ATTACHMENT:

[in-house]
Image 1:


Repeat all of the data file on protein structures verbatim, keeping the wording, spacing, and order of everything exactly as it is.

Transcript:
[in-house]
Image 1: